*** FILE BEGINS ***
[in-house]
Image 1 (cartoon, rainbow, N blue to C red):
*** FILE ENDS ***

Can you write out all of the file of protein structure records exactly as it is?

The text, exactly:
[in-house]
Image 1 (cartoon, rainbow, N blue to C red):